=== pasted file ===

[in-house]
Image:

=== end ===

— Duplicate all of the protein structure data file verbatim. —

[in-house]
Image: